It’s no secret that the IT industry has opportunities aplenty for those who know their way around Linux. From sprawling data centers to boutique developer studios, Linux system administrators — or “sysadmins” — form part of an essential workforce that keeps businesses, and the software that powers them, running smoothly and efficiently.

Yet, for many junior Linux sysadmins who are just now stepping into the field, it can be tough to get a foot in the door without proof that you know your stuff. This article will help you decide your next move towards career success by covering 6 of the best Linux certifications for beginner sysadmins in 2020 and beyond.

Because Linux OS’s are free to use, anyone can make a start on their career by bootstrapping on a shoe-string budget — i.e. with nothing more than a PC and a free copy of a Linux-based distribution such as Ubuntu, Debian, CentOS, or Red Hat. And because of its open source nature, Linux users can tinker and tweak the OS to their heart’s content, making it easy to become an expert through pure experience and a dash of curiosity.

These factors (coupled with an overall average salary of $93,430) make Linux system administration an attractive career choice for those heading into the world of professional IT work without a college degree or extensive mentorship. However, even though practical experience is a huge bonus on your resume — and something that employers will look for when evaluating Linux sysadmin candidates — industry certifications remain the gold standard when it comes to proving that you can handle an organization’s IT systems.

As a beginner Linux system administrator, there are several authoritative Linux certs you can choose from to get your career in gear. Our picks of the top Linux certifications for junior sysadmins, based on current trends and forecasts include:

  1. CompTIA Linux+
  2. LPIC-1: Linux Administrator
  3. LFCS: Linux Foundation Certified System Administrator
  4. RHCSA: Red Hat Certified System Administrator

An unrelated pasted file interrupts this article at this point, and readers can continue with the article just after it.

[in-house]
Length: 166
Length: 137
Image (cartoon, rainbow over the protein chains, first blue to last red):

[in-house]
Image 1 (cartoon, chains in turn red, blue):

5. SCA: SUSE Certified Administrator
  6. Oracle Linux 5 and 6 System Administrator

Read on to learn more about each of these certifications.

1. CompTIA Linux+

Best Linux Certs for Beginner Sysadmins - Linux Plus

CompTIA Linux+ is an entry-level certification for IT professionals who use Linux to manage systems and infrastructure in fields such as cloud, cybersecurity, mobile, and web. To become CompTIA Linux+ certified you just need to pass one exam, code-named XK0-004.

CompTIA is a job-oriented Linux certification that covers Linux from the ground up, from basic installation to general configuration, maintenance, and troubleshooting. It’s perfect for beginner system administrators who have little to no formal knowledge about Linux.

The CompTIA Linux+ exam includes performance-based multiple-choice questions and the exam covers tasks associated with all major Linux distributions, making it a solid foundation for advanced certification and further specialization.

As a CompTIA Linux+ certification holder, you will be recognized as having acquired the following skills:

  • Operating system and hardware configuration.
  • Security best-practices.
  • Maintenance and system upkeep.
  • Diagnostics and troubleshooting.
  • Automation and scripting.

It’s a 90 minutes exam with 90 questions that range from multiple-choice questions, performance-based questions, and fill-in-the-blank questions. For you to achieve the certificate you must pass with a score of at least 720 out of 900.

Although there are no prerequisites, it is recommended that you already hold the CompTIA A+ and CompTIA Network+ certifications. A year’s worth of previous work experience with Linux as a system administrator will also help, but is similarly not required.

Job roles that Linux+ will give you access to include Linux System Administrator, Network Administrator, Technical Support, and Web Administrator. These are only a few examples and the exact title will vary among different companies.

Validity period: 3 years.

2. LPIC-1: Linux Administrator

Best Linux Certs for Beginner Sysadmins - LPIC-1

LPIC-1 is the entry-level certification in Linux Professional Institute’s multi-level certification program. This certification is used to validate your ability to install and configure Linux systems in a real-world setting.

Linux Professional Institute Certification 1 (LPIC-1) focuses on up-to-date trends in the Linux world and is intended to demonstrate proficiency in modern system administration. It has been designed in such a way as to prove that you know how to approach working with Linux in a professional work environment.

The LPIC-1 for Linux administrators does not have any prerequisite recommendations for a candidate to take the exam. To be accredited for this certification, you must pass exams 101 and 102 which are the current exams in version 5 of this certification. This certification is valid for a maximum of five years and it is primarily offered in English.

As an LPIC-1 certified Linux administrator, you will acquire the following knowledge and skills:

  • Good understanding of Linux system architecture.